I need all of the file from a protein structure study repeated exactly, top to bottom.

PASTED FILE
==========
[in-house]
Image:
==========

[in-house]
Image: